Over the years different types of paper chromatography have evolved which have been classified by the direction of flow of the mobile liquid phase
Ascending Paper Chromatography
As the name suggests the developing solvent moves in an upward direction. Sufficient quantity of mobile phase is poured into the development chamber. Sample and reference are spotted on the line drawn a few centimeters from the bottom edge of the paper suspended from a hook or clip at the top. Alternately, the paper can be rolled in the shape of a cylinder and kept inside the development chamber. Solvent moves up through capillary action. The rate of rise of solvent front decreases with time and some chromatograms can be left overnight for the components to effectively separate. It is important to cover the container with a plate so that the atmosphere inside the development chamber is saturated with the solvent vapour. Separation of the atmosphere with the solvent vapour prevents evaporation of the solvent as it rises up the paper.
Descending Paper Chromatography
In this technique the solvent front travels down the length of paper suspended from the top inside the developing chamber. The mobile phase is kept in a trough in the upper chamber. The paper with spotting on the line drawn a few centimeters from the top is clamped to the top. Prior to elution the jar is covered and equilibrated with the mobile phase vapour.
The solvent moves downwards through the combined capillary action and gravitational pull. The advantage of this technique is that development can be continued indefinitely even though the solvent runs off at the bottom end of the paper
Ascending – Descending Chromatography
In the hybrid version the solvent first travels upwards on the paper which is folded over a rod and it continues with its travel downwards after crossing the rod. This arrangement permits longer development period for better resolution of complex mixtures
Two dimensional chromatography helps resolve substances having similar Rf values.
A single spot of the mixture is applied close to one end of the baseline on the square filter paper. The paper is allowed to develop by either ascending or descending mode and on completion allowed to dry. The filter paper is now rotated 90° so that the edge having the series of separated spots is at the bottom and allowed to develop in the same or a different solvent phase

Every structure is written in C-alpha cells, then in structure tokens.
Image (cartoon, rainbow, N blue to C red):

The arrangement helps to resolve the spots in two-dimensions by spreading the spots on the filter paper.
Horizontal or Circular Paper Chromatography
Horizontal or Circular Paper Chromatography permits separation of sample components in the form of concentric circular zones through radial movement of liquid phase. A circular shaped filter paper is employed and different arrangements are used.
Arrangement – 1
A narrow slit about 2mm wide is cut from the circumference to the centre and the wick formed is bent so as to dip in the solvent contained in a petri dish. Sample spotting is done along the circumference of the smaller inner circle. The petri dish is covered after securing the filter paper to the top and allowed to develop. The mobile phase reaches the filter paper through capillary action and spreads radially outwards thereby resolving the sample components radially.
Arrangement – 2
In this arrangement there is no need to cut a wick. A small capillary is inserted through an adjustable collar placed inside the solvent inside the petri dish. After applying the sample spot to the centre of a circular filter paper it is covered with a petri dish cover and allowed to develop. As before the solvent is drawn up by capillary action of the filter paper and spreads radially outwards thereby resolving the sample constituents radially.